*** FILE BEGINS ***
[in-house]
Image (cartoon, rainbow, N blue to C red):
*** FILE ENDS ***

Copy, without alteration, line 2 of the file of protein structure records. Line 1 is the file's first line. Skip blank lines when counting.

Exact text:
Image (cartoon, rainbow, N blue to C red):